Learning Opportunity: Closing the Gap between Good Intentions and Bad Results

Inside Leadership

Learning Opportunity: Closing the Gap between Good Intentions and Bad Results

This fall, the URJ’s Leadership Institute is offering a series of three sessions about key concepts that we hope will inspire sacred action within congregations. In this post, Allison Fine discusses values alignment and “matterness.” To learn more, listen to the recording of her session “Making People Matter – More than Just Something We Say.”

Nearly every synagogue faces enormous pressure to recruit and retain members. Yet, when Big Tent Judaism conducted its signature research project (the Environmental Community Outreach Scan) in northern Westchester county last year to test, among other things, how “warm and welcoming” synagogues were, an overwhelming number of synagogues failed to respond to emails and calls from prospective members. While there were nuances, the bottom line is that synagogues are not as responsive as they think we are.

These failures reflect the enormous gap between the good intentions of people running synagogues and the actual experiences of new or existing members. People have lots of choices about where and how to spend their time and money, and increasingly, they reject institutions that use a secret language, make them feel anonymous and unimportant, talk at them rather than with them, and only seem to need them when their dues are late.

This behavior confounds the synagogue leaders who are working so hard to keep people engaged and informed. “We’re busy every day!” they say – answering calls, sending out letters and bills, getting kids ready for their b’nai mitzvah. Yet it is exactly this internal busy-ness, the fear of losing control and the obsession with efficiency, that pushes people farther away.

There is an alternative to this way of thinking and working that I call “matterness.”

Matterness means refocusing efforts to make sure people feel known, acknowledged, and powerful. It happens everywhere – online and on land, in the hallways, in boardrooms, and in living rooms.

Matterness means asking more than telling, putting aside the old management mantras that staff are supposed to have all of the answers and that working fast is the same as working smart.

Here are a few steps congregations can take to increase matterness and begin to close the gap between the values synagogues espouse and the experience of potential and existing members:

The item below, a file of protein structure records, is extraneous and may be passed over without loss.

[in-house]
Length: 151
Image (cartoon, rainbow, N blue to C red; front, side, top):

1. Check your default settings.

The culture of an institution reflects the values and assumptions of its leaders. If leaders are afraid to let go – if they assume that the answers are all inside and never outside – then the default settings, automatic responses, and processes become closed rather than open. The result is that synagogues become fortresses in which it is difficult for prospective members to know what goes on inside, much less get in to see for themselves. It is the reason so much time is spent in meetings discussing what could possibly go wrong – if the likelihood of that happening is very small.

These defaults need to be questioned to figure out what is powering the to-do list. Questions can include:

  • What are we doing to encourage or discourage new ideas and experiments?
  • To whom do we talk regularly? If it’s the same people over and over again, how can we break this pattern?
  • Do we create new programs behind closed doors rather than talk to our congregants about developing new ones together? Do we even need new programs, or could we just get together and socialize without agendas and curricula and speakers?

2. Work with your people, not at them.

Too often, annual programming becomes a cycle of doing the same thing as last year, with few changes. Time to wake up from business-as-usual!Figuring out what’s going to happen next year shouldn’t just happen behind closed doors, especially when there’s a wealth of latent capital sitting untapped in your congregation.

Ask congregants for their reaction to programming ideas online before they’re set in stone. You can even run a Sunday afternoon programming day where congregants can participate in developing programs that interest them and that they spearhead. Your congregants have skills, passions, creativity, and connections that will be unleashed only when you start co-creating programs with rather than at.

3. Measure matterness.

Synagogues often measure outputs: how many people show up to events, how many new members join, how much was donated to our annual fund. These are useful proxies for satisfaction, but they aren’t enough.

Congregations need to know whether and how they are making people feel known, cared for, and empowered. The questions have to be asked explicitly: “How do we make you feel?” Do you feel like you are known and appreciated here? “When and how do we make you feel like an ATM?” And, of course, “How could we make you feel like you matter more to us?”

Synagogues are vitally important in communities, but before you create one more program or have one more staff meeting that focuses on what could possibly go wrong, stop and ask yourself this question: How would working this way make you feel if you were on the outside looking in?

Allison Fine’s online scholar session, “Making People Matter – More than Just Something We Say,” took place on September 30, 2015. Listen to it online now. 

Allison Fine is among the preeminent guides to the social media revolution. She is author of Matterness: Fearless Leadership for a Social World. In addition, she is the author of the award-winning Momentum: Igniting Social Change in the Connected Age, co-author of the bestselling The Networked Nonprofit.  She is a member of the faculty of the Union for Reform Judaism and serves on the boards of Civic HallNARAL, and The Sunlight Foundation

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